Swollen Ankles

Swollen ankles can also be termed as edema. Edema is a condition that is visible on any body part although it mostly occurs in the lower body parts. People whose diet consists of foods with high carbohydrates and salt are at high risk of getting edema. Pills used for birth control, laxatives, diuretics and pills for hormone replacement among many other drugs cause edema.

Having swollen ankles could be a sign of different conditions. This condition is most common among the elderly although people of all ages are at risk of getting swollen ankles. Symptoms accompanying swollen ankles may include heart palpitations, puffy eyes, headaches, high blood pressure, swollen wrists, weight gain and others.

Causes of Swollen Ankles

1. Ankle Injure

  • Condition Description. If you have had an ankle injury, chances are you have experienced some swollen ankles. This is common in sprained ankles, which happen when you miss a step and your feet ligaments, which hold your ankle in-place, over-stretch.
  • Treatment. To reduce the swelling, you should avoid walking using the injured leg. Wrap the ankle using compression bandage, place ice packs on the ankle and elevate the leg when sitting. If the pain and swelling persists seek medical attention.

2. Lymphedema

  • Condition Description. This is swelling occurring on one leg or arm. Although in most cases, just an arm or leg swells, it can at times affect all legs or arms. It occurs when the lymphatic system is blocked preventing the flow of lymphatic fluid which plays a vital role in your circulatory and immune system.
  • Treatment. Although it does not have a permanent cure, you can reduce swelling by performing some light exercises, wrapping the swollen arm or leg using bandages, have a manual lymph drainage massage and wear compression garments. Radiation therapy is also used to remove lymph nodes in cancer patients.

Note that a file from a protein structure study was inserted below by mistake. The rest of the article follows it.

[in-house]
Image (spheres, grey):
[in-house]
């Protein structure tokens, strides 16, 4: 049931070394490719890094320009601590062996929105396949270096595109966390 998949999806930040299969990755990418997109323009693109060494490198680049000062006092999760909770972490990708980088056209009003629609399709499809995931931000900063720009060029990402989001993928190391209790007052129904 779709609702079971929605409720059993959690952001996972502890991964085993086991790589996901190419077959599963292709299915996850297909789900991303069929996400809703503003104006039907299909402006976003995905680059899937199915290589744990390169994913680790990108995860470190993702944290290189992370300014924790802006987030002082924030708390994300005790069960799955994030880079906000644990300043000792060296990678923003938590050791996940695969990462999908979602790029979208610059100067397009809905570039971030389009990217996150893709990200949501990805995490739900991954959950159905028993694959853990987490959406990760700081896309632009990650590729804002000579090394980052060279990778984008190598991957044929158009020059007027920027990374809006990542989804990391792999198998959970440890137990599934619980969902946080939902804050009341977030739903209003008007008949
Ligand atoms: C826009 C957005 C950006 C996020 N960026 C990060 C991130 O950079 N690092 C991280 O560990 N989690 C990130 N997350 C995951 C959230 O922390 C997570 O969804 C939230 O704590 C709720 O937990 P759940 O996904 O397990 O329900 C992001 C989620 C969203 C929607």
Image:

3. Venous Insufficiency

  • Condition Description. This is a condition whereby your veins are unable to send blood back and forth i.e. from the heart to the legs and vice-versa. This normally happens when you have missing or damaged varicose veins valves. The veins get filled with blood especially when standing.
  • Treatment. To manage venous, you should avoid sitting or standing for long. Reduce swelling by using compression stockings and care for any infections or open sores. Stripping of the varicose veins (surgery) is also a possibility, but that will depend on what the doctor says.

4. Infection

  • Condition Description. Though not common in ankle swelling, infections can also cause swelling of the ankles. It can happen either at the ankle joint tissues or at the septic joint. People with nerve problems such as diabetic neuropathy have greater risks for foot infections. If you have diabetes, watch out for any sores of blisters.